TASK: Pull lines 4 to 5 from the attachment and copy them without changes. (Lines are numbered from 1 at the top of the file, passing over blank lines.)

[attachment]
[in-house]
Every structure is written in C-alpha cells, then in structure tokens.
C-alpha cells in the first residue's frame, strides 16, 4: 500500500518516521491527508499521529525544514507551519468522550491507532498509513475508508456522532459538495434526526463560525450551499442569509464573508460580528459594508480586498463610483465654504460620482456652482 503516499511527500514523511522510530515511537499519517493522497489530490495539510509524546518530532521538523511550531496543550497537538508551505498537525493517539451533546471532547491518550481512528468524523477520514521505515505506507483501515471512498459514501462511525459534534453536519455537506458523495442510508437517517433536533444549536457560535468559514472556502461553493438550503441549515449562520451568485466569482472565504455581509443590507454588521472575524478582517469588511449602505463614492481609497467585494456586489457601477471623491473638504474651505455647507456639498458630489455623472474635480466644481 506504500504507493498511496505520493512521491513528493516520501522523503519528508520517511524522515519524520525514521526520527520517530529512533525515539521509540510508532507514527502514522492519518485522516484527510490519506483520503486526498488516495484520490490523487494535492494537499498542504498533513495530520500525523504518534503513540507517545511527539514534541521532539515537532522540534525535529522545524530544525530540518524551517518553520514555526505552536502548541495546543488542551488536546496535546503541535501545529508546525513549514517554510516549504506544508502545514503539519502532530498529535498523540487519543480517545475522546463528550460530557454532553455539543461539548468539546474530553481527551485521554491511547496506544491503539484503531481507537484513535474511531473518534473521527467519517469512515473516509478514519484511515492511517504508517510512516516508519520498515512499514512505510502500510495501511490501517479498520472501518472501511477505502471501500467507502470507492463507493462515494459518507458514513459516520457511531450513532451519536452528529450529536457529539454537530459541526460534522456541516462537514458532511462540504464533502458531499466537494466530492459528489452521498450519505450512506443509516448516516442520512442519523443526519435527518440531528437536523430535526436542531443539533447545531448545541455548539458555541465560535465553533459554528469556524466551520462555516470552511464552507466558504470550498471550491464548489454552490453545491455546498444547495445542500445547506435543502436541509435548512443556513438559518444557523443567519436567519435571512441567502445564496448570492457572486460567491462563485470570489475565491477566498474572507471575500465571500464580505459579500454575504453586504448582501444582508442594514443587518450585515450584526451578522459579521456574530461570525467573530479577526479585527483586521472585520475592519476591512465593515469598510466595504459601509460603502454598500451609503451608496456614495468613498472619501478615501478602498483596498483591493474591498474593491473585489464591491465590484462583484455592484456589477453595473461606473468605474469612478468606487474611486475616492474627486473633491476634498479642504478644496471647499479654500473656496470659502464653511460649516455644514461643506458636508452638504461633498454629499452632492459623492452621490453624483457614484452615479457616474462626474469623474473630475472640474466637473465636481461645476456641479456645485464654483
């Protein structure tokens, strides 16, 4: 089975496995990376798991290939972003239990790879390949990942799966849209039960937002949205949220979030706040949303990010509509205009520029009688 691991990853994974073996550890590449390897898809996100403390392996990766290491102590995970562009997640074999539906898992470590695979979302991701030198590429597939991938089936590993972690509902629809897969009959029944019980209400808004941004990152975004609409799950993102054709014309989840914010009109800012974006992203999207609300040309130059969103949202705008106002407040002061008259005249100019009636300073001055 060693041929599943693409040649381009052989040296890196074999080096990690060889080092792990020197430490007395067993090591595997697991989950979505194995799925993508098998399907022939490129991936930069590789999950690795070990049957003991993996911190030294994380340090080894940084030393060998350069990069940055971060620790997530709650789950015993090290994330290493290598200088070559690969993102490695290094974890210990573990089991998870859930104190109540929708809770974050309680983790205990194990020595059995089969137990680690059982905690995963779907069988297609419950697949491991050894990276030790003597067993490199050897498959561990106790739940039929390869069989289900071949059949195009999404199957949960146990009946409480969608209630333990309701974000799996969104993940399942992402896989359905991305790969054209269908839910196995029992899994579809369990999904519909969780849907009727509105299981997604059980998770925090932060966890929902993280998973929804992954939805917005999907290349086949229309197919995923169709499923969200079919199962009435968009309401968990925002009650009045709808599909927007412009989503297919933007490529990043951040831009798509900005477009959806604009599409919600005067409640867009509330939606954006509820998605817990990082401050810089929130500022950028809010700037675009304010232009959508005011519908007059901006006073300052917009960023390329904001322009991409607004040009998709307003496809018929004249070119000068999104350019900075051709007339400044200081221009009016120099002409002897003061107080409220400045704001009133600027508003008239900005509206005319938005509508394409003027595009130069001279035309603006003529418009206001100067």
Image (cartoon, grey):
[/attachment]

């Protein structure tokens, strides 16, 4: 089975496995990376798991290939972003239990790879390949990942799966849209039960937002949205949220979030706040949303990010509509205009520029009688 691991990853994974073996550890590449390897898809996100403390392996990766290491102590995970562009997640074999539906898992470590695979979302991701030198590429597939991938089936590993972690509902629809897969009959029944019980209400808004941004990152975004609409799950993102054709014309989840914010009109800012974006992203999207609300040309130059969103949202705008106002407040002061008259005249100019009636300073001055 060693041929599943693409040649381009052989040296890196074999080096990690060889080092792990020197430490007395067993090591595997697991989950979505194995799925993508098998399907022939490129991936930069590789999950690795070990049957003991993996911190030294994380340090080894940084030393060998350069990069940055971060620790997530709650789950015993090290994330290493290598200088070559690969993102490695290094974890210990573990089991998870859930104190109540929708809770974050309680983790205990194990020595059995089969137990680690059982905690995963779907069988297609419950697949491991050894990276030790003597067993490199050897498959561990106790739940039929390869069989289900071949059949195009999404199957949960146990009946409480969608209630333990309701974000799996969104993940399942992402896989359905991305790969054209269908839910196995029992899994579809369990999904519909969780849907009727509105299981997604059980998770925090932060966890929902993280998973929804992954939805917005999907290349086949229309197919995923169709499923969200079919199962009435968009309401968990925002009650009045709808599909927007412009989503297919933007490529990043951040831009798509900005477009959806604009599409919600005067409640867009509330939606954006509820998605817990990082401050810089929130500022950028809010700037675009304010232009959508005011519908007059901006006073300052917009960023390329904001322009991409607004040009998709307003496809018929004249070119000068999104350019900075051709007339400044200081221009009016120099002409002897003061107080409220400045704001009133600027508003008239900005509206005319938005509508394409003027595009130069001279035309603006003529418009206001100067």
Image (cartoon, grey):